Pope Relaxes Church Stance on Designated Hitter

VATICAN CITY.  In a break from long-standing tradition, Pope Francis I yesterday forgave fans of American League baseball teams in his weekly address from St. Peters, saying it was time to end the policy that barred them from the Roman Catholic church because of their belief in the designated hitter rule.

 

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“You’re a Cleveland Indians fan?  I am SO sorry for you!”

 

“While we continue to believe the rule is dogmatically erroneous, we welcome fans of both leagues to our churches, and hope they will drop something in the long-handled baskets at collection time,” the Pope said as he washed the feet of representatives from Boston, New York, Philadelphia, Washington, Cleveland, Chicago, Milwaukee and Detroit, the cities whose teams made up the original American League.  “Also, be sure to stop in the vestibule gift shop for great deals on holy cards and glow-in-the-dark statues during our Spring Fling Blow-Out Sale.”

The designated hitter was adopted by the American League in 1973 when Joe Cronin, the league’s president from Boston, nailed a list of theses on the door of Commissioner Bowie Kuhn’s Ridgewood, New Jersey home.  Number one was “Pitchers are poor hitters, and fans do not like to watch them flail at pitches as if they are trying to swat a butterfly with a banjo.”  Number two was “There are only so many aging overweight players who can play first base.  We must do something to let them end their careers with dignity.”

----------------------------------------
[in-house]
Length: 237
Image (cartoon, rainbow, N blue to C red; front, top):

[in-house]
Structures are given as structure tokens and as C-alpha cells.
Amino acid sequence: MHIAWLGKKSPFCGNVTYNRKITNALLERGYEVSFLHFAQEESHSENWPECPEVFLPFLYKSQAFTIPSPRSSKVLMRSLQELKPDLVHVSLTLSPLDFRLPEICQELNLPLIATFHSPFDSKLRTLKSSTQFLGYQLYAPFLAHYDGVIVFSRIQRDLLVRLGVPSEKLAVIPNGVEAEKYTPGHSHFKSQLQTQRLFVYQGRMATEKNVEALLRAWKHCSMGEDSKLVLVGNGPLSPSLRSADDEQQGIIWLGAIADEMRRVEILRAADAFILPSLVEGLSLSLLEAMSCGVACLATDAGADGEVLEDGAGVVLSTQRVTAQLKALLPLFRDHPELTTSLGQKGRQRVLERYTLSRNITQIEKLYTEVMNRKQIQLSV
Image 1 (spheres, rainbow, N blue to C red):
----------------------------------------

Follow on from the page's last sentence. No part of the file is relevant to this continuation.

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Glow-in-the-dark Virgin Marys:  Now available in Pepto-Bismol Pink!

 

Vatican observers believe the Pope’s change of heart is designed to give a boost to Edgar Martinez, the former Seattle Mariner who first became eligible for the Baseball Hall of Fame in 2010, but who has failed to attract the necessary support because of the widely-held view that, despite impressive batting numbers, he was a one-dimensional player because he spent the majority of his career as a designated hitter.  “I do not know why we should discriminate against people because they are one-dimensional,” the Pope said to the throngs assembled beneath his balcony in St. Peter’s Square.  “We’ve got three, maybe four dimensions, everybody’s got to live in one of them.”

The Pope’s address will be circulated in written form to Catholic churches around the world in the form of an encyclical, De Moris Ecfatus Hitter Imperium.

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